What Social Intelligence Corp does is search through any publically accessible social networking sites, which includes posts one has made to the comments section of an article, posts made to any forum, newsgroups, blogs, etc, etc, etc. so as to catalog potential sticky topics like racism, legal transgressions, or otherwise.
From CBS Market Watch:
"... Social Intelligence can assist local member clubs in conducting social network and media searches to gain greater insight into the professional and personal conduct of those entrusted with the safety of club members. "The purpose of providing resources and recommendations on providers is to help clubs conduct a thorough pre-employment screening for potential employees," said Susan Woessner, USA Swimming's Director of Safe Sport. "Social Intelligence Corp. provides expertise in the social media space, and could serve as an excellent addition to a club's hiring process. ..."
A writer for Gizmodo.com subjected to himself to a background check from the same provider and the results were eye-opening. His article entitled: "I Flunked My Social Media Background Check. Will You?" is a wake-up call for some and a reminder to others why one should watch what they post online.
Apparently, this particular writer had an enormous online presence and subsequently posted early, often and unmeasured. read as 'way unmeasured.' His online profile was not flattering to say the least.
"... We ran background checks on six Gizmodo employees, including our editor in chief Joe Brown, and all but one came back clean. When it doesn't find anything incriminating on a potential employee, it simply issues a notice that the employees passed (see below) and doesn't generate a file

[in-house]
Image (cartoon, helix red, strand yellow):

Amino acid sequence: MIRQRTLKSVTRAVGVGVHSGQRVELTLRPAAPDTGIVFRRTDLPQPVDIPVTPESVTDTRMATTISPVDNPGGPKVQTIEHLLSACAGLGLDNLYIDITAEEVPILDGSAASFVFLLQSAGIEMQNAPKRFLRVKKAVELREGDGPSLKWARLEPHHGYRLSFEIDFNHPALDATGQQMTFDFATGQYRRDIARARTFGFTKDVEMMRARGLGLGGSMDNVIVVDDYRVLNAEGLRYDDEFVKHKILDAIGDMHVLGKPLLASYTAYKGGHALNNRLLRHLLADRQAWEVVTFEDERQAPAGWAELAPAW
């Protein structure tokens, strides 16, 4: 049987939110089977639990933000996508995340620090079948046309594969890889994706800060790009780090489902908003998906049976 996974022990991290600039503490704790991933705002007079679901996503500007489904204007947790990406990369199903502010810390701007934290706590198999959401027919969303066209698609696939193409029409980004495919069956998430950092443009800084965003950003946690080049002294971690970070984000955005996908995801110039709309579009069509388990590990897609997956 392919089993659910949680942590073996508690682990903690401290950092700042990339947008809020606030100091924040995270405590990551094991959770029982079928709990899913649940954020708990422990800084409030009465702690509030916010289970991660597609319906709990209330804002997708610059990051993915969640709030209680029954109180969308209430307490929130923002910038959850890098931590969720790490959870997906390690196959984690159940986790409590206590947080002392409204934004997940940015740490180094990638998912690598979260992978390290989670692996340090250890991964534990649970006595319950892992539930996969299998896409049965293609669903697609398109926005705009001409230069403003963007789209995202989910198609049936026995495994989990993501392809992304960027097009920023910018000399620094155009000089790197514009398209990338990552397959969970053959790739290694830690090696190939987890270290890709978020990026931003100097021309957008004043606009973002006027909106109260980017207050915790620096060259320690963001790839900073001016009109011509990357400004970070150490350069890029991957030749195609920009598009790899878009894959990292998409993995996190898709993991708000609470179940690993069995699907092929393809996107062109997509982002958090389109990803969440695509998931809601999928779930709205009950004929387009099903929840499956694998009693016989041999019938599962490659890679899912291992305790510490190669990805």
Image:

And then there's me. I flunked hard. When that happens, Social Intelligence creates a report, which it would then send to an employer. And if you don't get a job because of your social media report, you can request a copy. Mine's filled with delightful details, like "subject admits to use of cocaine as well as LSD," and "subject references use of Ketamine."
Basically, I may never work again. Yet the report is fascinating to look at. So privacy be damned, we've posted the entire thing online, you can read it at the bottom of this post. We've also annotated it and called out some interesting highlights in the gallery on this page...."
This tells me that USA Swimming is offering tools and services so as to make sure teams have the sort of coaches they want - that USA Swimming does not want to litigate but rather put up "a show of force" so to speak to prevent creepy coaches from coaching on deck.
Is it a perfect answer? I don't know? It is definitely a message that the standards are high for coaches which leads to this question - How will ASCA and their membership respond?